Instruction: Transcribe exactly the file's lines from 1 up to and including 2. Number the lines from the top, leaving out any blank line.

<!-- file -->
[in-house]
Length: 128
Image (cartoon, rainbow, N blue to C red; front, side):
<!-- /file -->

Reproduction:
[in-house]
Length: 128